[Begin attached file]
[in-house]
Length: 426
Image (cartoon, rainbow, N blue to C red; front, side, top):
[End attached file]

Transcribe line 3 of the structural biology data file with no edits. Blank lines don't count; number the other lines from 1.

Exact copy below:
Image (cartoon, rainbow, N blue to C red; front, side, top):